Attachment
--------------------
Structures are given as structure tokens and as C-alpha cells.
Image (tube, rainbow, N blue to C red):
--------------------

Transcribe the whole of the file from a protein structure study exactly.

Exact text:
Structures are given as structure tokens and as C-alpha cells.
Image (tube, rainbow, N blue to C red):